Military family here; respect my elders and honorable, loving men in my family, but I’ll be damned if I read another post where I hear about one of our kindred “feels humbled” and “should accept” someone else’s valuation. Damnit
Post # 65
for real though!! there are too many people who are in terrible situations like these and don’t have enough wherewithal to do some self-reflection and speak up for what they want and deserve in life, and out of a relationship. Relationships/ marriages last when 2 people are devoted to mature, and open communication and listening, all the time.. no matter what the issue!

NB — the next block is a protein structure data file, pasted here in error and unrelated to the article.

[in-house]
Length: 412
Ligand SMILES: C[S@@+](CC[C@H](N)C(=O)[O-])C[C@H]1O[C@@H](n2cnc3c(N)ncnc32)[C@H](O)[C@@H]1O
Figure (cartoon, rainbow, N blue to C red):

Post # 66
Well my fiance is not evil or abusive. He was hurt by my asking him and he reacted poorly. I’m keeping the ring and will find a wedding ring that will match it. Thanks for the feedback
Post # 67
“my fi is immature and can be very hurtful but I love him very much. … I didn’t mean to hurt him I don’t care about the ring anymore. The engagement/wedding ring is not something I’m excited about any longer but everything will be ok, it’s just rings. I wish I could disappear for a while.”